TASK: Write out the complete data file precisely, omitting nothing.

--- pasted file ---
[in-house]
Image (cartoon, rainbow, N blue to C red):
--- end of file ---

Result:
[in-house]
Image (cartoon, rainbow, N blue to C red):